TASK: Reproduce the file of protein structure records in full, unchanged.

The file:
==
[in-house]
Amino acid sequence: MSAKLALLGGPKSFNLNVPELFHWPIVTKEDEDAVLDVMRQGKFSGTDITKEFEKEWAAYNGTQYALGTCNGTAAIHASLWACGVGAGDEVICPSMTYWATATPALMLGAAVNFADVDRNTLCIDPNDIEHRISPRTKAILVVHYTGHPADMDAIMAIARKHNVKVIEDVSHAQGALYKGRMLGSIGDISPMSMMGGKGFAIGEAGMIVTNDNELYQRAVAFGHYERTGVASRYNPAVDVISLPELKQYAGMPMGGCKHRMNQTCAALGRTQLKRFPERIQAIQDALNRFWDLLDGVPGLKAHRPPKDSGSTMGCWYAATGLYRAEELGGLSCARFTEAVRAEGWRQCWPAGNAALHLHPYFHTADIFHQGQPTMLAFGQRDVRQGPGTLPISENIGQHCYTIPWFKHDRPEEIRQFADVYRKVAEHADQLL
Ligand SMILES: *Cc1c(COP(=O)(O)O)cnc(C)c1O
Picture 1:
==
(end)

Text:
[in-house]
Amino acid sequence: MSAKLALLGGPKSFNLNVPELFHWPIVTKEDEDAVLDVMRQGKFSGTDITKEFEKEWAAYNGTQYALGTCNGTAAIHASLWACGVGAGDEVICPSMTYWATATPALMLGAAVNFADVDRNTLCIDPNDIEHRISPRTKAILVVHYTGHPADMDAIMAIARKHNVKVIEDVSHAQGALYKGRMLGSIGDISPMSMMGGKGFAIGEAGMIVTNDNELYQRAVAFGHYERTGVASRYNPAVDVISLPELKQYAGMPMGGCKHRMNQTCAALGRTQLKRFPERIQAIQDALNRFWDLLDGVPGLKAHRPPKDSGSTMGCWYAATGLYRAEELGGLSCARFTEAVRAEGWRQCWPAGNAALHLHPYFHTADIFHQGQPTMLAFGQRDVRQGPGTLPISENIGQHCYTIPWFKHDRPEEIRQFADVYRKVAEHADQLL
Ligand SMILES: *Cc1c(COP(=O)(O)O)cnc(C)c1O
Picture 1: